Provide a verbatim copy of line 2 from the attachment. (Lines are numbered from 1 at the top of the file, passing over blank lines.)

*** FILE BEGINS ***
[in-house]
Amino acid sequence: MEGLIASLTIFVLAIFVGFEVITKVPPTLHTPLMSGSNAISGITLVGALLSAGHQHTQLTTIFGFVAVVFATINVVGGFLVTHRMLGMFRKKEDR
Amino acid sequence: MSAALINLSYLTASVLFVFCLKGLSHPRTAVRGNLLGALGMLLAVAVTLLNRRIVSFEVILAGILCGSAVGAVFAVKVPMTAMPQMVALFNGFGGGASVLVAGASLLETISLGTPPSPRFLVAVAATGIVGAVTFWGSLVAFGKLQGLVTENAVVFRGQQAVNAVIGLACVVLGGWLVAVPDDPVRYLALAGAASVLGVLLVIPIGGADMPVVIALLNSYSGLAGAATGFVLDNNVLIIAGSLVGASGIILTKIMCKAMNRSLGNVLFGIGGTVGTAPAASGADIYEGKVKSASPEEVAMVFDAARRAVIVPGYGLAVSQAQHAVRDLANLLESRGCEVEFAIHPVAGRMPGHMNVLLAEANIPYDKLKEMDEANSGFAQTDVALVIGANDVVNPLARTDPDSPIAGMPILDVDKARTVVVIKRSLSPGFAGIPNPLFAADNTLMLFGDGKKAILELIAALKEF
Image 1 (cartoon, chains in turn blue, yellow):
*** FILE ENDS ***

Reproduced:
Amino acid sequence: MEGLIASLTIFVLAIFVGFEVITKVPPTLHTPLMSGSNAISGITLVGALLSAGHQHTQLTTIFGFVAVVFATINVVGGFLVTHRMLGMFRKKEDR